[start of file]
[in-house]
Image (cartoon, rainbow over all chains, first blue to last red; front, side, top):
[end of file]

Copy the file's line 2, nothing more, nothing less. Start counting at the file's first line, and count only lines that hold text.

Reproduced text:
Image (cartoon, rainbow over all chains, first blue to last red; front, side, top):